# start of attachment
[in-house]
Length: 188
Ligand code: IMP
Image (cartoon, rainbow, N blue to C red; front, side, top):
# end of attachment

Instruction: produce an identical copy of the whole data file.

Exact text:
[in-house]
Length: 188
Ligand code: IMP
Image (cartoon, rainbow, N blue to C red; front, side, top):